During the week of Jan. 20, members of the campus community received an e-mail that sparked the artistic curiosity of quite a few students. The Creatives held its first meeting of the semester that day at 6 p.m. in the art building. “We discussed our plans for the semester: workshops and other creative events,” said Creatives club founder, Airam Dato-on ‘13.
Dato-on started The Creatives during the fall 2010 semester. A group of people who aspire to play with various forms of art, The Creatives hosts an assortment of artistic events on campus and within the club meetings. “We bring out creativity from each one of us,” said Dato-on. “We have held several workshops to let our creative juices flow from within. We also watch movies about artists or art movements to witness and learn how certain creativity or challenges came about.”
The fascination with The Creatives caused many people to attend the first and second meeting. As the artistic/creative aspect is a vital characteristic of many model Rollins students, no doubt that there would be something for most if not all students attending Rollins. “Although most of the members are studio art and art history majors/minors/double majors,” shares Dato-on. “we have an English major and Music major. We also have several students who participated in our workshops who were international business majors and all other sorts.”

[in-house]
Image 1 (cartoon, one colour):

Previously, The Creatives have brought in artist Bren Bataclan, well-known for the Smile Boston project (also known as the “Everything Will Be All Right” series). They have also held two workshops in graffiti and typography, respectively. Dato-on has stated that “We are planning to hold other workshops like making and using pin hole cameras, human figure drawing sessions and maybe some screen printing or linoleum printing. ”He has also noted that the club hosts movie nights.
For the second Creatives club meeting, members viewed the graffiti documentary, Exit Through the Gift Shop. The documentary took an inward look at street artists and a video camera fiend of French origin named Thierry Guetta. He filmed anything and everything, and the film shows how he documented those street artists and impacted the graffiti art that many remember and admire. The documentary covered several well-known street artists such as Shepard Fairey, of the Obama “Hope” poster fame, Guetta’s own cousin Space Invader, and the most unlikely of all to allow himself to be filmed, the reclusive Banksy.
The club enjoyed under an hour of the documentary and reacted with enthusiasm regarding the film’s look at artists-Banksy in particular–and even exchanged differing opinions on them (one attendee remembers seeing the art of Banksy in England and was intrigued by it, while another thought of his work as rather boring). Despite these discrepancies in opinions, the meeting stimulated conversation about artistic entities. Since the movie runs for over an hour, the group will finish watching it at their next meeting.
As a forum of varying creative and artistic ideas, many Rollins students with an artful edge will find a haven with The Creatives.